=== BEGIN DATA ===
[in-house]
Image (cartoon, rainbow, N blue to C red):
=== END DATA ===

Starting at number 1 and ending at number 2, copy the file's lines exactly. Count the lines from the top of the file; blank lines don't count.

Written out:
[in-house]
Image (cartoon, rainbow, N blue to C red):